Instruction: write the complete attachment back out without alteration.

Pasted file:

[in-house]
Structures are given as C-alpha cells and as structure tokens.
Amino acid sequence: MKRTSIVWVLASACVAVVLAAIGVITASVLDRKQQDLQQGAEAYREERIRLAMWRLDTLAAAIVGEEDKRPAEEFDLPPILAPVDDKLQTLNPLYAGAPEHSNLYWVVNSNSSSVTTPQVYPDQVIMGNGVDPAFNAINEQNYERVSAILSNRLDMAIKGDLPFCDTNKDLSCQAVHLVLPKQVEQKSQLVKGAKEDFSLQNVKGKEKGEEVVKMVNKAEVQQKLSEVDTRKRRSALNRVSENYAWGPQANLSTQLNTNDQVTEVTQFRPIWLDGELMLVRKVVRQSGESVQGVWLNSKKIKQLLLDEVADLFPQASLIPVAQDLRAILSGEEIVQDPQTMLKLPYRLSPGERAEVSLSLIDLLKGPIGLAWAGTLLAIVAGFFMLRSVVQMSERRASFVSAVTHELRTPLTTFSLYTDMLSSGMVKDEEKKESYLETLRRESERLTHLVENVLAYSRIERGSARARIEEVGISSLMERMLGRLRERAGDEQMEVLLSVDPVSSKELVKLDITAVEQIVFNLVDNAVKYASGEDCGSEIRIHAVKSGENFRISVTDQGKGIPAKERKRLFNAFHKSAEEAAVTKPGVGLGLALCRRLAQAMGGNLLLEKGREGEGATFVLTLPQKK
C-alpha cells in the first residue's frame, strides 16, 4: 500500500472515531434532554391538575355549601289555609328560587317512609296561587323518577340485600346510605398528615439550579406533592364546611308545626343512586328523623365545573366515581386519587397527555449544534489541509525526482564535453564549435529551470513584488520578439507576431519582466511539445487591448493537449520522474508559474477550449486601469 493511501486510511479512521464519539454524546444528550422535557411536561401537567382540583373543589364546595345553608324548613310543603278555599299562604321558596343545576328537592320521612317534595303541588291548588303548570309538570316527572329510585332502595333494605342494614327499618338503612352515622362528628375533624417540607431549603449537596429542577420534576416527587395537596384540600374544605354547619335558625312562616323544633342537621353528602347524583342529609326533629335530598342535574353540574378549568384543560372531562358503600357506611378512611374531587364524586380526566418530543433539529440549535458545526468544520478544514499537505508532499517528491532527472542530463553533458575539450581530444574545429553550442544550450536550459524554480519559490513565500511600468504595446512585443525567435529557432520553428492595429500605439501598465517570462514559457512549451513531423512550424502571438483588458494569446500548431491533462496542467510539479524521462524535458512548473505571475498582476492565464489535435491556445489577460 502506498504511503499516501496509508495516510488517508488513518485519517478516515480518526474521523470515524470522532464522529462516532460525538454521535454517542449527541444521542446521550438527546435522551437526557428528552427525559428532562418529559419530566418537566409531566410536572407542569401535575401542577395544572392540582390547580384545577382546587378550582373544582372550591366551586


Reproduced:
[in-house]
Structures are given as C-alpha cells and as structure tokens.
Amino acid sequence: MKRTSIVWVLASACVAVVLAAIGVITASVLDRKQQDLQQGAEAYREERIRLAMWRLDTLAAAIVGEEDKRPAEEFDLPPILAPVDDKLQTLNPLYAGAPEHSNLYWVVNSNSSSVTTPQVYPDQVIMGNGVDPAFNAINEQNYERVSAILSNRLDMAIKGDLPFCDTNKDLSCQAVHLVLPKQVEQKSQLVKGAKEDFSLQNVKGKEKGEEVVKMVNKAEVQQKLSEVDTRKRRSALNRVSENYAWGPQANLSTQLNTNDQVTEVTQFRPIWLDGELMLVRKVVRQSGESVQGVWLNSKKIKQLLLDEVADLFPQASLIPVAQDLRAILSGEEIVQDPQTMLKLPYRLSPGERAEVSLSLIDLLKGPIGLAWAGTLLAIVAGFFMLRSVVQMSERRASFVSAVTHELRTPLTTFSLYTDMLSSGMVKDEEKKESYLETLRRESERLTHLVENVLAYSRIERGSARARIEEVGISSLMERMLGRLRERAGDEQMEVLLSVDPVSSKELVKLDITAVEQIVFNLVDNAVKYASGEDCGSEIRIHAVKSGENFRISVTDQGKGIPAKERKRLFNAFHKSAEEAAVTKPGVGLGLALCRRLAQAMGGNLLLEKGREGEGATFVLTLPQKK
C-alpha cells in the first residue's frame, strides 16, 4: 500500500472515531434532554391538575355549601289555609328560587317512609296561587323518577340485600346510605398528615439550579406533592364546611308545626343512586328523623365545573366515581386519587397527555449544534489541509525526482564535453564549435529551470513584488520578439507576431519582466511539445487591448493537449520522474508559474477550449486601469 493511501486510511479512521464519539454524546444528550422535557411536561401537567382540583373543589364546595345553608324548613310543603278555599299562604321558596343545576328537592320521612317534595303541588291548588303548570309538570316527572329510585332502595333494605342494614327499618338503612352515622362528628375533624417540607431549603449537596429542577420534576416527587395537596384540600374544605354547619335558625312562616323544633342537621353528602347524583342529609326533629335530598342535574353540574378549568384543560372531562358503600357506611378512611374531587364524586380526566418530543433539529440549535458545526468544520478544514499537505508532499517528491532527472542530463553533458575539450581530444574545429553550442544550450536550459524554480519559490513565500511600468504595446512585443525567435529557432520553428492595429500605439501598465517570462514559457512549451513531423512550424502571438483588458494569446500548431491533462496542467510539479524521462524535458512548473505571475498582476492565464489535435491556445489577460 502506498504511503499516501496509508495516510488517508488513518485519517478516515480518526474521523470515524470522532464522529462516532460525538454521535454517542449527541444521542446521550438527546435522551437526557428528552427525559428532562418529559419530566418537566409531566410536572407542569401535575401542577395544572392540582390547580384545577382546587378550582373544582372550591366551586